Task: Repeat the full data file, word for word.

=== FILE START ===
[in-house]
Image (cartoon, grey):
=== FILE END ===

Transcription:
[in-house]
Image (cartoon, grey):